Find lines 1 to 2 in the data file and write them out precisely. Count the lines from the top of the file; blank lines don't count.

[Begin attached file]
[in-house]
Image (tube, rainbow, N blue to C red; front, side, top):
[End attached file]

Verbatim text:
[in-house]
Image (tube, rainbow, N blue to C red; front, side, top):